Summer of Soul (…Or, When the Revolution Could Not Be Televised)

Movie poster: Summer of Soul

I grew up know­ing of and lis­ten­ing to the music from Woodstock. I have seen the film numer­ous times and lis­tened to the album of the same name. The music and sig­nif­i­cance are
etched in my mind. 

But some­thing else hap­pened dur­ing the sum­mer of 1969: the Harlem Cultural Festival, of which I was unaware until recent­ly. On six con­sec­u­tive week­ends, orga­niz­ers held con­certs in Mount Morris (now Marcus Garvey) Park in Harlem — with an esti­mat­ed 300,000 peo­ple attend­ing. These con­certs were record­ed on film, but after­wards TV pro­duc­er Hal Tulchin could find nobody inter­est­ed in turn­ing the film footage into a larg­er project, part­ly due to the pop­u­lar­i­ty of Woodstock. So the films sat in a base­ment for 50 years.

They were even­tu­al­ly redis­cov­ered, and Ahmir “Questlove” Thompson made it his project to pro­duce a doc­u­men­tary film from the 40+ hours of record­ed footage. The award-win­ning doc­u­men­tary was released in 2021. The music includes blues, gospel, R&B, and funk with per­for­mances by Stevie Wonder, Mahalia Jackson, The Staple Singers, Gladys Knight and the Pips, Sly and the Family Stone, Nina Simone, and many others. 

The film fea­tures stun­ning visu­als reveal­ing vibrant fash­ion, the enor­mi­ty of the audi­ence, close-up footage of the per­form­ers, and the joy of the per­form­ers and atten­dees. It’s a vibrant cel­e­bra­tion of Black Pride against the back­drop of the moon land­ing, the Vietnam War, the Nixon White House, and the assas­si­na­tions of MLK and RFK the pre­vi­ous year.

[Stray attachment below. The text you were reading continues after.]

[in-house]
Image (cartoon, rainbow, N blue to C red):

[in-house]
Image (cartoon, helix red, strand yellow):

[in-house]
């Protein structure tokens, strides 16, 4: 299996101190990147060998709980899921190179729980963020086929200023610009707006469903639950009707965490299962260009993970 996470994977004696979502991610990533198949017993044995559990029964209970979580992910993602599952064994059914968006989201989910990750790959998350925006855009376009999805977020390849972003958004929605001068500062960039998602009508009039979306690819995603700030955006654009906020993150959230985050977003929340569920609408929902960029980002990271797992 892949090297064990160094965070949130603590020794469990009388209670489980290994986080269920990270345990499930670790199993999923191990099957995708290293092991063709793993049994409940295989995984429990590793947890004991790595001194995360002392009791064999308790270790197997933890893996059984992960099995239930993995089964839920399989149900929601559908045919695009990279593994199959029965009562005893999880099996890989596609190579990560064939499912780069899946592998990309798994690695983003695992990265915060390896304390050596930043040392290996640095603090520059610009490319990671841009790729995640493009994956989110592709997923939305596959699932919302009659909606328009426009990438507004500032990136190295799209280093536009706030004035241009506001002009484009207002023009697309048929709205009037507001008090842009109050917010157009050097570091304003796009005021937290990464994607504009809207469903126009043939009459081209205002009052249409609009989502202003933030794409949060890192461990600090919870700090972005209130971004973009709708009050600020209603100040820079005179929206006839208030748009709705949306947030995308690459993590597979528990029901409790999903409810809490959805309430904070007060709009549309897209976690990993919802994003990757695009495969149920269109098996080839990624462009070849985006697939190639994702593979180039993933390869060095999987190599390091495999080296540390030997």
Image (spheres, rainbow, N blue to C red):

I saw the movie at the Kentucky Theatre on Saturday, where it is show­ing once dai­ly through
Thursday, April 14. My take­away from this remark­able film is the sto­ry of these con­certs and
the inte­gral role music played in a rev­o­lu­tion­ary movement. 

I was deeply moved by the film and dis­ap­point­ed that this recent his­to­ry was not known by most folks like me for all these years. I high­ly rec­om­mend it — both to enjoy its music and acquaint your­self with his­to­ry from a Black perspective. 

If you can not get to the Kentucky Theater before the last show­ing on Thursday, you can stream the film free on Hulu (a free tri­al is avail­able) or Disney+. It can be rent­ed for $5.99 on Amazon Prime. It is well worth your time.

  • Sabrina Puckett

    Sabrina Puckett has lived in Winchester since 1989. In 2015 she retired from her work in Adult Protective Services with the State after 26 years. Since then, she has worked in Winchester in home­less ser­vices and com­mu­ni­ty men­tal health. She is a mem­ber of Better Together Winchester, Emmanual Episcopal Church, and is a mem­ber of the WinCity News and Views advi­so­ry board. Her favorite role cur­rent­ly is grand­moth­er to a red-head­ed tod­dler boy.